Generally, the suttas say "a being" is "reborn", as follows:
When the mind was thus concentrated, purified, bright, unblemished,
rid of defilement, pliant, malleable, steady, & attained to
imperturbability, I directed it to the knowledge of the passing away &
reappearance of beings. I saw — by means of the divine eye, purified &...
The earlier answer is excellent and exceeds my knowledge of the question in the sutras.
However, this issue is also addressed (perhaps with a twist) in the tantras, albeit, less accessibly (depending on what it is being compared to). Generally, to fully understand the meaning of Buddhist tantras, it requires oral transmission because the information in any ...
I agree with the answer by Andrei.
Whatever ignorance is left in the mind continues to arise. So not only the self idea but all the ignorance not removed by following the right path will arise.
That said, I would like to add that these higher teachings could be risky if parroted to everyone without regard to the person's stage of development. Some people who ...
From Snp 4.14 (translated by Ven. Thanissaro):
"I ask the kinsman of the Sun, the great seer, about seclusion & the
state of peace. Seeing in what way is a monk unbound, clinging to
nothing in the world?".
"He should put an entire stop to the root of
objectification-classifications: 'I am the thinker.'
From the translator's commentary:
I don't know Yeshe (:
But I think you don't exist as an identity, if you are always changing as a ''person'' and in body then you don't exist or you wouldn't change. What you really are is beneath what you believe and think. And because you aren't an identity that doesn't accompany you. Only your karma which is your pure essence I think.
Is like you are a ...
-- “What is it, Nàgasena, that is reborn?”
-- “Mind and matter (namarupa).”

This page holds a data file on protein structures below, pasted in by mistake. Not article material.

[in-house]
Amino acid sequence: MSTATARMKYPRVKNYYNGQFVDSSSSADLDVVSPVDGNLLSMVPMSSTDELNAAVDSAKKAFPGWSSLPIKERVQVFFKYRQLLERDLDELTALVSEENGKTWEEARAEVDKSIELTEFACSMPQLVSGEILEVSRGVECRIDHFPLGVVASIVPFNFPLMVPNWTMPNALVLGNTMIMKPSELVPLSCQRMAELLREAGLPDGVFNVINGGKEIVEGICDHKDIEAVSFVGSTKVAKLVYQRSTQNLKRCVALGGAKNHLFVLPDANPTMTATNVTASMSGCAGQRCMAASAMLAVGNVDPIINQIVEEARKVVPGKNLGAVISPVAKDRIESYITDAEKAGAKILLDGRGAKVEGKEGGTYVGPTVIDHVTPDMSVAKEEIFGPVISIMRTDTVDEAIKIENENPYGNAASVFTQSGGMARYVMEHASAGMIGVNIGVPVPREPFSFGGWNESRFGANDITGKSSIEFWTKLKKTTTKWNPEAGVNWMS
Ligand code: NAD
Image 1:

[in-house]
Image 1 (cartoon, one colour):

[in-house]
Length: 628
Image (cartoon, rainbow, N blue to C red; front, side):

-- “Is it this very mind and matter that is reborn?”
-- “No, it is not, but by this mind and matter deeds are done and because of those deeds another mind and matter is reborn; but that mind and matter is not thereby released from the results of its previous deeds....
The difference is that the law of causality is a general principle whereas paticcasamupadda is a special case of it's application.
Special because it's about something specific.
The law is like an abstract mathematic forumulae of xyz that can be applied to any calculation whereas dependent origination is more like doing physics where one uses the forumulae ...
Re. the first point.
There's a truism according to scientific logic, "correlation doesn't imply causation" -- i.e. that "if I do X and then Y happens" that doesn't mean that "X caused Y".
The answer to "what's the cause?" can become debatable in fields like sociology or politics.
Sometimes the question is important -- ...
There is an explanation of Buddhist conditionality in the Bundles of Reed Sutta (SN 12.67) below, together with an analogy.
Name-and-form (mind-body) is a condition for consciousness. Consciousness is a condition for name-and-form. If any one of these ceases, the other will cease too. This is like two bundles of reed leaning on each other.
However, the rest ...
Science deals with the physically measurable. Buddhist teachings focus on the end of suffering. Both discuss causality, but in different ways.
The scientific method emphasizes reproducibility of results for a given hypothesis. In schools we can all drop large and small weights to observe they fall at the same speed. However, we have to be very very careful ...